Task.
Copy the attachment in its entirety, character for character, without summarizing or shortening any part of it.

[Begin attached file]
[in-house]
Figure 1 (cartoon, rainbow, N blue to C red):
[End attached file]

[in-house]
Figure 1 (cartoon, rainbow, N blue to C red):